Tuesday, April 7, 2015

Do Eating Disorders in Parents Predict Eating Disorders in Their Children? Two studies revealed a definite link between parents and daughters.

Familial aggregation refers to occurrence of a given trait shared by members of a family. Two groups of researchers have recently published papers that expand our knowledge about the familial nature of eating disorders. 
Swedish research team members led by Dr. H. Bould used a subset of the Stockholm Youth Cohort born between 1984 and 1995 (286,232 individuals) to investigate whether parental eating disorders in parents predict the development of eating disorders in their children. A subset of these youths had a parent with an eating disorder, and the authors searched for any diagnosis of an eating disorder in their offspring. The diagnosis had to be made by a specialist clinician or inferred from an appointment at a specialist eating disorder clinic (Acta Psychiatr Scand. 2015; January 9. doi: 10.1111/acps.12389 [Epub ahead of print]. A final study sample of 158,697 (55.4%) cases were included.
The results showed that a parental eating disorder (affecting either parent) was associated with eating disorders in their female children. Due to the small number of cases, no conclusions could be drawn about risk for male children.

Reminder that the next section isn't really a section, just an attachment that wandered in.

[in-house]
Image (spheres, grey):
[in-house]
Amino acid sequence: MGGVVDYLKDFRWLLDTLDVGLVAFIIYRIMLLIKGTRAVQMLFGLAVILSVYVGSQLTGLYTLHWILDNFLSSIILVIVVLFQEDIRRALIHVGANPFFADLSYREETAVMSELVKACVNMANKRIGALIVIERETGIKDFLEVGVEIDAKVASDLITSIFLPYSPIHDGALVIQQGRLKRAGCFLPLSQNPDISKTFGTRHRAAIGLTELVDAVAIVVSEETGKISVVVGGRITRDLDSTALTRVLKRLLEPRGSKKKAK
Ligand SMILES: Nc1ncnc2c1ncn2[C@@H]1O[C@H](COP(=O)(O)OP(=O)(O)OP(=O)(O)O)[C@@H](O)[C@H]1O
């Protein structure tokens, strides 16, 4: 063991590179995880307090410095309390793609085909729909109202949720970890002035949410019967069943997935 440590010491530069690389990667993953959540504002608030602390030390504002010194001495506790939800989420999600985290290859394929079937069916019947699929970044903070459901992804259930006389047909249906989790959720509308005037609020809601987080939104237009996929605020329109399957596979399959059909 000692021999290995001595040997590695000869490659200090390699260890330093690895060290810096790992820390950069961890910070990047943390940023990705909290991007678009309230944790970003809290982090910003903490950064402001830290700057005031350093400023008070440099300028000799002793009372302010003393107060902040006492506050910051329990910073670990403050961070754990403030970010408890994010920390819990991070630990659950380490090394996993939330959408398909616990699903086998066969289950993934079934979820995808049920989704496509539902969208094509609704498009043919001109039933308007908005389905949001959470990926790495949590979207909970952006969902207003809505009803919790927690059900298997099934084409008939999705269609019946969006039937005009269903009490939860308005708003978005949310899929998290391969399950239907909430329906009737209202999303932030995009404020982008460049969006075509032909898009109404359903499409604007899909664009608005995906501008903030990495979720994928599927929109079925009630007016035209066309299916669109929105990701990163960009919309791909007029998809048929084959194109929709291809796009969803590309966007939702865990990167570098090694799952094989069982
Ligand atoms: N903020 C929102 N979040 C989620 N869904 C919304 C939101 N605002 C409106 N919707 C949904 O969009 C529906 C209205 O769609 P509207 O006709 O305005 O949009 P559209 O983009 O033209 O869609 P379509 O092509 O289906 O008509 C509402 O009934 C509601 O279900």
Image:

Nationwide study of family aggregation and risk of AN over three generations

A second study also showed evidence of family aggregation and specific risk for AN. In a nationwide population sample, Hans-Christoph Steinhausen, MD, PhD, Alborg University Hospital, Alborg Denmark, and Swiss and Danish investigators conducted a study that explored how often AN and co-morbid disorders occurred in affected families compared with control families (In J Eat Disord. 2015; 48:1). Cases and controls were observed for long periods—the maximum was 40 years. For the case-probands, the mean observation time was 15.35 years. The data set contained 2,370 case-probands with AN identified through the Danish Psychiatric Central Research Registry and 7,035 controls.
The main finding of this second study was that AN occurred more often in relatives of case probands than in controls. AN was not seen in fathers of ill probands.

Taken together, these two papers expand what we know about eating disorders in families. They are both broadly representative cohorts (one, in fact, is a nationwide study). Critically, they are longitudinal, which helps to eliminate recall biases.
Eating Disorders Review

Gender-based Differences in Attitudes toward Eating Disorders Findings from a survey may have practical application in public information campaigns.

Eating disorders are commonly seen as a “woman’s illness,” and in the U.S. and Europe, people with eating disorders are often blamed for being ill, at least somewhat in contrast to patients with schizophrenia and mood disorders. Only a few researchers have examined the impact of gender on attitudes toward eating disorders.
There has been some evidence that gender does not impact knowledge about eating disorders, but perhaps men appear more stigmatizing.